Information Society Commissioner Viviane Reding said, addressing a conference in Helsinki on 28 September 2006: "On security, in particular, we need to move from talk to action. The Commission is not asleep on the job, but we cannot win the war alone. We need a culture of security in which everybody plays their part. That means national governments have not only to identify but also to implement best practice in policymaking. But, security threats are inherently cross-border. The international coordination of risk monitoring and reaction is a major role of ENISA (European and Network Information and Security Agency).
A second area of need is for authoritative and independent information on security incidents and consumer confidence. That is why we have also asked ENISA to move ahead urgently on developing with member states and stakeholders a data collection framework to collect and analyse EU-wide data. Industry also has a role to play: software producers and Internet service providers must provide adequate and auditable levels of security. I believe I see some signs of movement in the software sector, in this respect. I am watching with interest."
The mission statement of ENISA, the European Network and Information Security Agency, says, under the header "Europe’s Information Society – the future at risk?": "The growing number of security breaches has already generated substantial financial damage and has undermined user confidence. At the same time, the Information Society is becoming indispensable in all areas of life. Individuals, EU institutions, public administrations in the member states and businesses have deployed security technologies, security management procedures and information campaigns and research projects to enhance network and information security. The technical complexity of networks and information systems, the variety of interconnected products and services, and the huge number of private and public players that bear their own responsibility, is risking undermining the smooth functioning of the internal market. The modernised information society of Europe and its business, based upon a digital economy is thus, potentially, jeopardised."
Jean-Philippe Courtois, Microsoft CEO for the Europe, Middle East and Africa Region, said: "As an industry leader, we have a responsibility to ensure that our users benefit from a safe service. And if the real potential of online technology is to be realised, we all have an interest in ensuring that the Internet continues to be a viable tool for consumers, governments and businesses alike."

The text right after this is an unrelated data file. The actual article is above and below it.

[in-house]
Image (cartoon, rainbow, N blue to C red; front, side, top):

In an essay entitled "The psychology of security", internet security expert Bruce Schneier says: "Security is both a feeling and a reality. And they're not the same." Schneier goes on to explain: "The feeling and reality of security are different, but they're closely related. We make the best security trade-offs - and by that I mean trade-offs that give us genuine security for a reasonable cost - when our feeling of security matches the reality of security. It's when the two are out of alignment that we get security wrong.
In the past, I've criticised palliative security measures that only make people feel more secure as 'security theatre'. But used correctly, they can be a way of raising our feeling of security to more closely match the reality of security. Of course, security theatre has a cost, just like real security. It can cost money, time, capabilities, freedoms, and so on, and most of the time the costs far outweigh the benefits. And security theatre is no substitute for real security. Furthermore, too much security theatre will raise people's feeling of security to a level greater than the reality, which is also bad. But used in conjunction with real security, a bit of well-placed security theatre might be exactly what we need to both be and feel more secure."
Distinguished information technology economist Hal Varian wrote in an essay for the New York Times: "One reason that computer security is so poor in practice is that the liability is so diffuse. Consider the attacks that took place a few months ago, in which computer vandals took over computers on relatively unprotected university networks and used them to shut down Yahoo and other major Web sites. Although the universities found the takeover of their machines a nuisance, they didn't bear the bulk of the costs of the attack on Yahoo. But if universities bore some liability for the damages to third parties, they would have a stronger incentive to make their networks more secure.
The same problem arises with providing high-speed broadband service to the home. These networks are, by default, always connected to the Internet, leaving them susceptible to being used to mount an attack in cyberspace. If a particular user's computer is taken over, should he have liability for the cost of the attack on someone else? The average user is essentially clueless about how to prevent his computer from being taken over, so assigning liability to him would be pointless. Assigning liability to the network operator would make more sense."